I can never be like Shankar: Atlee
With Mersal all set for release, Atlee opens up on why he considers Vijay to be his lucky charm
Mersal has had its share of trouble. The Madras High Court had issued an interim stay on the usage of its title before eventually dismissing the case. The multiplex strike then threatened to affect the film's release. And finally, there was some issue regarding the procurement of an NOC from the Animal Welfare Board as well. The advance bookings have been opened though, and director Atlee has no doubts about the film getting its Diwali release. "We're releasing it as originally planned. Our team is working towards that," he says.
The director isn't ruffled by all these extraneous issues. "My primary concern is that the film should appeal to all sections of the audience. Every scene has been structured keeping that in mind," he adds.
It's the second time he's teaming up with Vijay after Theri, which Atlee remembers being very apprehensive about. "I didn't know how audiences would react to it. They'd seen only Raja Rani. Now, I know better about what they want. Mersal will be a notch higher than Theri in terms of everything -- appeal, story treatment, dialogues... The challenge was in figuring out how to present Vijay differently. I am supremely confident of the film," he smiles.
Atlee compares directing a mass film to playing a T20 match. "Last five overs dhan irukku. You need to win the game. There's no other go," he says. "I can't cheat the audience with just anna's (Vijay) heroism. I need a good story. Mersal has that." He believes that commercial films should appeal to the elite audiences too. "I've consciously strived to achieve that with my script, " he says.
The spark for Mersal came as he was working on another script. "After Theri, I started writing scripts, and this idea occurred to me. It's a new genre. Suddenly, I thought of one shot and shared it with my team and Vijayendra Prasad. They told me it was fantastic. The scripting was then completed in 45 days," he says.
He thanks Vijayendra Prasad for being a huge pillar of support. "I approached him after seeing Bajrangi Bhaijaan. He has an amazing sense of humour and a great presence of mind. When I see him, I get reminded of stalwarts like Sujatha (Rangarajan) and Balakumaran. Such people understand what the audience wants, and know how to write a script that sells," he says.
He wasn't the only writing contributor. "We also had Ramana Girivasan, the Vice President of a popular TV channel, writing the screenplay with us. He also worked with me on Theri," Atlee says. Vijay had three looks in that film, and in Mersal too, it's being said that he's playing a triple role. What's this fascination with the number 3? Atlee laughs. "It can be one, three, or four roles. But there are three get-ups, for sure. I don’t conceive these characters with predetermined ideas. I do what the story demands. That's the core of a film."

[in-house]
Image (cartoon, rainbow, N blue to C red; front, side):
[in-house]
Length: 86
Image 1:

Some have said the film's about a policeman. Some have suggested that it's about Jallikattu. But Atlee denies both. "It's the story of a common man. Vijay anna's films usually address a social issue. Theri was about good parenting. But the film had other things too. The same has been done here," he says. "The concept is completely apolitical, but is something that impacts society. We've all progressed a lot, but are missing out on some things. The story's about that."
Atlee looks for stories everywhere. "Newspapers, television... My story has to be credible. When I wrote Raja Rani, I thought it should be like Alaipayuthey and VTV. For Mersal, I didn't have any such graph. I was worried only about bringing in the three dimensions of Vijay together in a film."
Mersal also has three female lead characters. "I'd not call them heroines," he says. "Nithya Menen's role is high on emotional quotient. Samantha provides humour relief, and Kajal Aggarwal's portions will be breezy and classy."
Being a former assistant of Shankar, Atlee's films naturally find some inspirations in his master's work. "If somebody tells me Mersal's is like a Shankar film, I'll be overjoyed. He is a visionary, who has remained at the top of Tamil cinema for the last 25 years. I can only dream of directing films of his quality. I can never be him," he says.
Atlee is a self-confessed fan of Vijay and thinks it's essential to be able to write a script that suits the star. "Very few directors get to work with actors they idolise. I consider myself lucky to have directed him for the second time. He's more than a brother to me. He's my lucky charm. I may also team up with him for the third time after this film," he says.
AR Rahman's soundtrack album has come out to mixed reviews, but Atlee points out that the songs are a hit. "Working with him was a dream come true. He made me feel very comfortable. Right from Alaporaan Thamizhan, Neethanae, Maacho to Mersal Arasan, the entire album has become popular and topped all FM playlists. In recent times, no other album has had a reach like Mersal."
Atlee is excited to show the audience the magic portions in the film. "Vijay anna is a quick learner. Another actor may have taken at least six months to learn the magic tricks. But he did it in 10 or 12 minutes. I can't reveal anything more, but all of us learned about illusion tricks."
He thinks the title is perfect. "It will suit the mood of the story. Ovvoru scene-um summa mersal-a irukkum. Goosebumps guaranteed for Vijay fans!"